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Ecosystem Research and Harmful Algal Blooms

The recent increases in cyanobacterial Harmful Algal Blooms (HABs) in the Great Lakes has caused significant concern for human and ecosystem health due to the production of toxins by bloom species. In the Great Lakes, Microcystis dominates the cyanobacterial bloom community and produces the hepatotoxin microcystin (Brittain et al. 2000, Carmichael 1994, 1997, Vanderploeg et al. 2001). Preliminary studies have documented the presence of microcystins in the Great Lakes, at times exceeding the recommended limit of 1 µg L-1 of microcystin established by the World Health Organization for drinking water supplies (Brittain et al. 2000, Vanderploeg et al. 2001). The increase in large Microcystis blooms in recent years has caused considerable concern due to the dependence on these waters as a resource and the health risks attributable to microcystins. The ability to accurately measure the distribution and concentration of microcystin in the Great Lakes is therefore essential to protecting human and ecosystem health in this region.

We are investigating the impacts of microcystins on human health through a number of different routes. For multiple years, we have surveyed western Lake Erie and Saginaw Bay (Lake Huron), two regions in the Great Lakes that typically have significant cyanobacterial blooms, to determine the extent of Microcystis blooms. We have measured toxin concentrations and Microcystis cell counts and related these to environmental factors such as nutrients concentrations, light and wind speed. We are also working with collaborators who are using satellite imagery to detect surface blooms of Microcystis and inputting this data into the Great Lakes Forecast System for western Lake Erie to forecast how these blooms might move around the basin. This work is all leading to the capacity to forecast when cyanobacterial blooms might be in locations like a swimming beach or drinking water intake that would present a hazard to human health.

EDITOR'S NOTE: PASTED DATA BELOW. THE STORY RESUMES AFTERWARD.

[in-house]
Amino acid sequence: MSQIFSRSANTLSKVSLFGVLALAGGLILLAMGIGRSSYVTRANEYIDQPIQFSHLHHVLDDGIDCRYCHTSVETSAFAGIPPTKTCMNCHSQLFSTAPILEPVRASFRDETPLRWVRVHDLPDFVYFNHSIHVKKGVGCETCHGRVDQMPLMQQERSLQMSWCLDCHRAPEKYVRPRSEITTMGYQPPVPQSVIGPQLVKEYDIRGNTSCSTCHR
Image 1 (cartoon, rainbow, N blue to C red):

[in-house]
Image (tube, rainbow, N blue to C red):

MERIS full resolution enhanced true color image from September 24, 2008. Microcystis concentrations are extremely high near the mouth of the Maumee River.

MERIS full resolution enhanced true color image from September 24, 2008. Microcystis concentrations are extremely high near the mouth of the Maumee River.

We are also looking more directly at the impacts of microcystins on human health. During the summer of 2009, we will conduct a study to measure microcystin concentrations at the intakes and finished drinking water of two of the inhabited islands in western Lake Erie. This study will tell us whether water treatment plants are effective in removing microcystins from the drinking water in these small communities and whether there is a risk of chronic exposure. We will also use the newly developed HAB Bulletin to identify when Microcystis blooms are likely to be present at the water intakes for these island communities and utilize the opportunity to further develop the Bulletin into a format that is useful to small water treatment operators, which are one of the target communities.

HAB bulletin put out by R. Stumpf, M. Tomlinson, T. Wynne – NOAA/NOS/CCMA

HAB bulletin put out by R. Stumpf, M. Tomlinson, T. Wynne – NOAA/NOS/CCMA

Dietary exposure may be another route of toxin exposure and has not been widely investigated. As a hepatotoxin, microcystin has been documented to accumulate in the livers of many animals, but the degree to which this toxin is present in the edible muscle tissue of popular Great Lakes recreational fish (e.g., yellow perch and bluegill) is not known. The main goal of this project is to address the potential for human exposure to cyanobacterial toxins through measurement of microcystins in wild-caught fish and the secondary goal is to conduct laboratory experiments to investigate the kinetics of toxin accumulation in fish tissue. Our data from wild-caught fish from Muskegon Lake and western Lake Erie suggest that while microcystin concentrations in livers could be a human health risk, even during periods of high microcystin concentration in the water column, microcystin concentrations in the muscle tissue of fish of edible size are not high enough to be an acute threat to human health.

Prediction of Potential Human Health Impacts through fish consumption following a Microcystin Bloom

(graphic by Ashley DeHudy)

Projects

Project Title Researcher(s)/Affiliation
Genetic and Environmental Factors Influencing Microcystis Bloom Toxicity Juli Dyble Bressie (NOAA/GLERL)
Gary Fahnenstiel (NOAA/GLERL)
Dr Wayne Litaker (NOAA, Beaufort NC)
Evaluation of the Hazard of Microcystis Blooms for Human Health through Fish Consumption Juli Dyble Bressie (NOAA/GLERL)
Peter Landrum (NOAA/GLERL)
Duane Gossiaux (NOAA/GLERL)
Steve Pothoven (NOAA/GLERL)
Oceans and Human Health: Microcystins in the Great Lakes Gary Fahnenstiel (NOAA/GLERL)
Juli Dyble Bressie (NOAA/GLERL)
Dave Millie () (Florida Institute of Oceanography)
Drinking Water as a Route of Human Exposure to Microcystins in Small Great Lakes Communities Juli Dyble Bressie (NOAA/GLERL)
Gary Fahnenstiel (NOAA/GLERL)
Duane Gossiaux (NOAA/GLERL)